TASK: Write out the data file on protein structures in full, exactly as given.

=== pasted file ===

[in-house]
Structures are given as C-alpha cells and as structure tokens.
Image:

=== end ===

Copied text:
[in-house]
Structures are given as C-alpha cells and as structure tokens.
Image: